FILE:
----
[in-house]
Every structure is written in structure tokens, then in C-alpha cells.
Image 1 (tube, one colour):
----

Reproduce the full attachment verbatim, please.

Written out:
[in-house]
Every structure is written in structure tokens, then in C-alpha cells.
Image 1 (tube, one colour):